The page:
I saw my future yawning open in front of me and it no longer looked like a doorway leading somewhere mysterious but probably awesome. It looked like a bottomless pit that filled me with dread. And I didn’t talk about it much with anyone because there didn’t seem any point in doing so. I’m familiar with the kind of things people say to sad people (because I’ve said them myself) and I felt that it wouldn’t do any good.
And all day every day, for months, there was a relentless despairing monologue running in my head telling me that I’m useless and boring and unlovable and no good to anyone, and I’ll never have anything that I want because I don’t deserve it, who the hell am I to think I deserve anything when I’m such an awful waste of space? I mentally checked out of my job and I felt myself withdrawing from my social life bit by bit because the idea of voluntarily being out in public and talking to people and pretending to be okay made me want to start screaming. I had no interest in anything but eating, sleeping, and staring at the TV. (Being depressed sucks because the only things you’re interested in doing are things that will keep you feeling depressed.)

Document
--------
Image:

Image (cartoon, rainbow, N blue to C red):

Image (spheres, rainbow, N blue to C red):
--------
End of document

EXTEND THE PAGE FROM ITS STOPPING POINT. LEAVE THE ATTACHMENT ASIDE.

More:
In real life, depression does not look like it does in Zoloft commercials. There’s absolutely nothing cute about it, and it doesn’t feel like I’m rolling along under a puffy gray cloud and feeling a little down in the dumps. It’s ugly, and it feels messy and dark and scary. It feels like I’m fighting with my own mind. It can alternate between unbearable sadness and an almost eerie blankness or numbness, where I don’t really feel much of anything. I don’t feel sad, but I don’t feel anything positive, either. It’s total robot-style apathy. In a way, I hate those days even more.
The turning point came in the spring when it was gray and freezing cold and I walking to catch a train home from work. It had been a particularly bad day; I was so crushingly sad that I felt sick to my stomach and the thought of walking four blocks to the train made me so tired I wanted to cry. Depression can bring on a level of physical fatigue that’s truly astounding – a “sit and stare at your ringing phone because you can’t find the will to reach for it” level of exhaustion that makes even the simplest tasks feel like insurmountable feats. (This does not help with the feelings of uselessness and self-loathing.)